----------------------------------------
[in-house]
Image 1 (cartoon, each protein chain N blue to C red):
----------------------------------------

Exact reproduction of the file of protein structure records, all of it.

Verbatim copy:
[in-house]
Image 1 (cartoon, each protein chain N blue to C red):